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Kanye West & Walmart Locked In Brand Logo Dispute

Kanye West foreshadowed in his 2005 track "Bring Me Down" he always knew people would stand in the way of his rise. According to The Fashion Law publication, the billionaire business magnate faces a legal conflict with Walmart over his attempt to trademark his fashion logo. The corporation claims to look like their own.

The legal adviser for Kanye's company, Yeezy L.L.C., filed a trademark application for a stylized sunray graphic logo to the U.S. Patent and Trademark Office Alexandria, Virginia in January 2020.

"The mark consists of eight dotted lines, each comprising three shaded circles, with a total of 24 circles, arranged at equal angles as rays from the sun," Yeezy L.L.C. stated in the mark information of the application. The logo is intended for use in apparel and retail store services, vocal sound recordings and streaming, hotel services, construction of "non-metal modular homes," and more.

After the letter went public last December, Walmart arranged a notice of opposition (NOO) with the Trademark Trial and Appeal Board on April 21. The world's biggest retailer argues the Yeezy graphic traces the logo on its long list of similar products and services "since at least 2007" and will cause confusion between the company's buyers, per Walmart's file.

"It will be damaged by the registration of [Yeezy L.L.C. 's] mark," Walmart contends in the notice.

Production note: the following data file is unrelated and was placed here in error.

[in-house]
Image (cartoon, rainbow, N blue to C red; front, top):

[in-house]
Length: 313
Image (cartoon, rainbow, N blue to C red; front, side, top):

"A design of six rays symmetrically centered around a circle," which Walmart consistently uses "can be found prominently featured on the exterior and interior signage of its more than 5,000 retail outlets, through the e-commerce platform, which has the second largest e-commerce market share in the U.S., and throughout its nationwide television commercials, including commercials aired during the Super Bowl."

Walmart stated, its brand's logo "has become well known and famous as a distinctive indicator of the origin of its goods and services and a symbol of its goodwill."

Kanye has been involved in several legal battles in the past. Kanye's Sunday Service choir, which consists of nearly 1,000 members, filed two class-action lawsuits for $30 million against him in January, alleging missed payments for their labor hours during their performances with him.

In March 2020, Toki Sen-I Co. had its $600,000 claim against Kanye's record label G.O.O.D. Music and his Yeezy Apparel company dismissed after claiming he never paid for the Japanese material supplier's fleece fabric delivered to his camp.